December 5, 2018–May 20, 2019
Charles M. Schulz adopted a broad lexicon for Peanuts, though his creative approach to communication went well beyond the traditional use of words. With the stroke of his pen Schulz was able to use line and space to evoke action, emotion, and hilarity—at times, telling a complete story using no words at all. In this exhibition of 70 original comic strips, see examples of the artful techniques Schulz employed to tell his stories, without words.
The World According to Sally
May 23–December 3, 2018
Sally Brown, Charlie Brown’s little sister, has a sweet innocent side, but also a more cynical view of life than most of the other characters in the Peanuts Gang. A favorite phrase of hers is, “Who cares?” and the answer is: we do! Sally is quick to offer her unedited opinions, establish her privileges and pursue new possibilities. Her unrequited love for Linus is sweet rather than sad and many readers can relate to her indifference to playing sports. When she is thwarted by math, or mangles the English language in front of her classmates, she often ends up telling her frustrations to the beloved school building. The many moods of Sally Brown are revealed through this display of original strips.
AAUGH! The Language of Peanuts
November 5, 2017–May 21, 2018
From “security blanket” to “Good grief!”, discover not only how Schulz utilized words and phrases to help shape and define his characters, but also created some of the most universally meaningful and most commonly used expressions in our collective lexicon. On view: original Peanuts comic strips highlighting Schulz’s artful wordplay.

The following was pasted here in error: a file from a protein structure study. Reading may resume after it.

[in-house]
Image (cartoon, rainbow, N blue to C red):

A Friendship Like Ours
April 26–November 6, 2017
Marcie and Peppermint Patty, Linus and Charlie Brown, Snoopy and Woodstock—Schulz built upon the spirit of these friendships in Peanuts. Schulz called Woodstock, “. . .Snoopy’s friend and confidant. He just worships Snoopy and would do anything for him. . .” Rediscover these enduring duos in this exhibition of 69 original comic strips, original sketches, and Peanuts ephemera.
Peanuts and the Picture of Health
August 31, 2016–April 24, 2017
Who could imagine addressing a medical condition like amblyopia (better known as lazy eye) with a cast of characters composed completely of children, a bird, and a dog? Charles Schulz’s genius enabled him to accomplish such a feat while evoking a smile of recognition, if not outright laughter. Featuring over 56 original comic strips and health-related artwork and products, Peanuts and the Picture of Health focuses on Charles Schulz’s careful study of health issues which inform many Peanuts plotlines.
It’s a Foul, It’s a Field Goal, It’s Football, Charlie Brown!
January 13–August 29, 2016
Here in the Bay Area, there’s been a lot of buzz lately about Super Bowl 50, which will be played at Levi’s® Stadium in Santa Clara this February. The Peanuts Gang has its own ties to the Super Bowl, having appeared in a halftime show in 1990, game time television commercials, and the 1994 animated cartoon You’re in the Super Bowl, Charlie Brown! It’s a Foul, It’s a Field Goal, It’s Football, Charlie Brown! features approximately 70 original Peanuts comic strips and highlights the Gang’s gridiron efforts.
Celebrating 65 Years of Peanuts
August 19–January 10, 2016
65 years ago, Peanuts began publication on October 2, 1950. The earliest comic strips featured a smart aleck Charlie Brown absent his signature zig-zag shirt, and Snoopy as a dog that walked on all fours. In the five decades that Schulz dedicated himself to Peanuts, the physical appearance of the Gang naturally evolved, as well as their individual attitudes and personal philosophies. See how your favorite characters developed and changed in this installation celebrating 65 years of Peanuts comics.
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Peanuts in the Penalty Box
April 15–August 16, 2015
“Hockey, for me, is the greatest game going.” – Charles M. Schulz
Playing ice hockey on backyard rinks in Minnesota, Schulz developed a love of the game from an early age. He joyfully portrayed ice sports in Peanuts, where Snoopy and Woodstock made a tiny birdbath their arena. Schulz began participating in senior hockey tournaments more than 40 years ago, eventually hosting Snoopy’s Senior World Hockey Tournament at Redwood Empire Ice Arena. We’re marking the occasion with Peanuts comic strips showcasing Schulz’s venerated pastime, and specially selected materials from the Zamboni Company archives.